Jeffrey Fox, of Ardgowan School, asks :-

Why is the core of the Earth warm?

David Nobes, a geophysicist at the University of Canterbury, responded.

The answer is simple but there is some interesting background.

Over 100 years ago, Lord Kelvin, like others of his day, wondered how old the Earth was. In the early solar system, gravity pulled clumps of matter together. Some clumps formed larger bodies, the planets. Gravitational attraction compressed the planets, and the interiors became quite dense. This `gravitational collapse', as it is called, releases energy. Energy can be neither created nor destroyed, and much of the energy released by gravitational collapse was transformed into heat energy. The planet cools, through heat escaping from the planet's surface. The rate at which the heat escapes depends on how long the process has been going on, ie the age of the planet. Kelvin calculated the Earth's age to be approximately 100 million years. We now know that he was wrong.

The rocks of the Earth are, to a greater or lesser degree, radioactive. The decay of short-lived radioactive elements can be used to diagnose and treat cancers and, like tritium and caesium, to determine how long water has been underground, for example, under the Canterbury plains.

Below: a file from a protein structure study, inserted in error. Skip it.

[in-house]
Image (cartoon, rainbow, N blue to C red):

Rocks contain traces of long-lived radioactive elements such as uranium, thorium and potassium. These can be used to determine the age of the Earth, about 4.5 billion years. When radioactive atoms decay, they emit high energy sub-atomic particles which heat the rock. On Earth, radioactive heating is much greater than the remnant of the heat released by gravitational collapse.

So the core of the Earth is hot because of radioactive decay, a fact recognised by Ernest Rutherford, with a little bit of heat left over from the gravitational collapse which formed the planet Earth.